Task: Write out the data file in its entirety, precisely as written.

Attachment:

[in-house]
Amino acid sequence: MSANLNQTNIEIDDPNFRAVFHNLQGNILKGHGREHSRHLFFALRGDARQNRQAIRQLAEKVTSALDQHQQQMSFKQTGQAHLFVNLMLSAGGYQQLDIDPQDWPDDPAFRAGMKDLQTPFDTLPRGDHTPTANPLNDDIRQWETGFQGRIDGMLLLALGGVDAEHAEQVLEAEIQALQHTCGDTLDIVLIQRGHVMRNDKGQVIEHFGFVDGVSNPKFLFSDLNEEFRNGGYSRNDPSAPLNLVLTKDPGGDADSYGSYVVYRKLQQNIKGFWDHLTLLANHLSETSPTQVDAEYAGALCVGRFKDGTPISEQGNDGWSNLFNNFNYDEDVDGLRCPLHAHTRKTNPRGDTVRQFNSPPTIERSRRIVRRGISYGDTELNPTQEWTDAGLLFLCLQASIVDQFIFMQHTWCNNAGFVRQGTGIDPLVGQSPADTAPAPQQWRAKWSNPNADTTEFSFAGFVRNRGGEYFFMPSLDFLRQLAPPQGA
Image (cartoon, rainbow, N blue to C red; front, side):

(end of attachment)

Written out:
[in-house]
Amino acid sequence: MSANLNQTNIEIDDPNFRAVFHNLQGNILKGHGREHSRHLFFALRGDARQNRQAIRQLAEKVTSALDQHQQQMSFKQTGQAHLFVNLMLSAGGYQQLDIDPQDWPDDPAFRAGMKDLQTPFDTLPRGDHTPTANPLNDDIRQWETGFQGRIDGMLLLALGGVDAEHAEQVLEAEIQALQHTCGDTLDIVLIQRGHVMRNDKGQVIEHFGFVDGVSNPKFLFSDLNEEFRNGGYSRNDPSAPLNLVLTKDPGGDADSYGSYVVYRKLQQNIKGFWDHLTLLANHLSETSPTQVDAEYAGALCVGRFKDGTPISEQGNDGWSNLFNNFNYDEDVDGLRCPLHAHTRKTNPRGDTVRQFNSPPTIERSRRIVRRGISYGDTELNPTQEWTDAGLLFLCLQASIVDQFIFMQHTWCNNAGFVRQGTGIDPLVGQSPADTAPAPQQWRAKWSNPNADTTEFSFAGFVRNRGGEYFFMPSLDFLRQLAPPQGA
Image (cartoon, rainbow, N blue to C red; front, side):